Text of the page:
The Pacific storm that has been pummeling the West Coast is about to land a second punch. Its onslaught in California dumped record snows and record rains, measured in feet, not inches. Some ski areas dug out from deep snow while others closed due to torrential rains and wind.

Floods, mudslides, evacuations, and road closures plagued the California lowlands with a record-breaking 12 inches of rain. A mudslide on I-80 near Colfax temporarily closed the main access from Sacramento to Tahoe ski resorts Sunday Dec. 19, and southern California resorts closed with rains while ski resorts in the Sierra piled up foot after foot of snow.

So much snow fell at Mammoth Mountain that it crushed records. The storm dumped up to 15.5 feet of snow in four days, bringing Mammoth's season snowfall total to 249 inches by Tuesday morning. "That's an absurd amount of snow for December. Usually, we hit that in January or February," spokesperson Dan Hansen told OnTheSnow. "Our records go back to 1968-69 when we started tracking snowfall. This is the snowiest December, and we just came off the snowiest November."

Strong winds and minimal visibility kept much of the upper mountain lifts closed Friday through Tuesday when a window of blue sky revealed the summit. But then avalanche danger kept the upper mountain closed. "Patrol has a lot of avalanche control work to do. Anytime you put 15 feet of snow on a steep slope, you'll have trouble," Hansen said. "But the last 36 hours have had the kind of snow you want to ski." Dropping temperatures changed the consistency of the snow that came down in the storm from wet Sierra cement to light and fluffy

The depth of the snow in the base area tripled in four days to 10-to-12 feet, burying building entrances and cars. But where do you put all the snow? "Parking lot crews, plows, and groomers are working around the clock, doing as much as they can to stay ahead of it," said Hansen.

Most of the Tahoe resorts amassed 6 feet of snow in the storm, catapulting Squaw Valley USA, Alpine Meadows, and others across the 20-foot mark for total snowfall for the season. Northstar-at-Tahoe garnered more than 8 feet of snow from the storm. Many Tahoe resorts as of Tuesday morning are running more than 100 inches ahead of recent winters at this time for total snowfall.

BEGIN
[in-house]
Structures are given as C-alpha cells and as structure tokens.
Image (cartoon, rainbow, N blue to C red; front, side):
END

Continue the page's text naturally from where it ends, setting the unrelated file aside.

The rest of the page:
Southern California resorts struggled in the storm. Warm temperatures and rain forced the closure of several resorts for at least three days. Mountain High, Snow Summit, Snow Valley, and Mt. Baldy suspended operations beginning Sunday while the storm pummeled them with torrential rains and high winds. The wet, warm system kept snow at bay further inland for Arizona Snowbowl and Sunrise Park; both have yet to open for the season.

On the upside, the rain recharged snowmaking reservoirs. Mountain High was able to collect more than 1.5 million gallons of water. "I can't impress upon you how much water was running off the mountain," spokesperson John McColly told us. "We're ready to start snowmaking again as soon as we can." Temperatures Monday evening, Dec. 20 dropped to around freezing and snow began falling again, but the resorts remained closed due to winds and wet conditions. "Today is light years ahead of yesterday," he added on Tuesday afternoon, Dec. 21, "and tonight's storm is expected to be big and cold." Mountain High hopes to re-open Wednesday morning, Dec. 22 with an anticipated foot or more of new snow.

The bulk of the storm bulldozed east into Utah, bringing more than 4 feet of snow to Alta and Park City. Many Colorado resorts picked up around 2 feet of snow. Fringes of the storm trailed into Oregon, Idaho, and Wyoming resorts, where an avalanche in the Jackson Hole sidecountry injured a ski patroller in a slide that carried him 1,000 feet down slope.

The second punch of the Pacific storm is expected in the California mountains Tuesday night and Wednesday, Dec. 21-22. The National Weather Service has predicted gusty winds, blowing snow through mountain passes, and more snow with a freezing level dropping to 4,000-to-5,000 feet in the Sierra and 5,500-to-6,000 feet in Southern California. The storm is expected to take a breather Thursday and Friday, Dec. 23-24 before ushering in another system deemed significant on Christmas Day.

This storm also is set to bring snow to the Washington and Oregon Cascades as well. The National Weather Service predicts that the "series of moist Pacific systems will continue to inundate the western U.S. through the middle of this week."

But the best news for skiers and riders boiled down to a single statement in the forecast: "Snowfall will continue to be measured in feet in some of the higher elevations of the western U.S."

More information: OnTheSnow Snow Reports; National Weather Service Forecasts.